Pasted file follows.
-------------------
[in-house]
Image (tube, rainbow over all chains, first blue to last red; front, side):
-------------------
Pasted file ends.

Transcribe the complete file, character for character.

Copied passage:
[in-house]
Image (tube, rainbow over all chains, first blue to last red; front, side):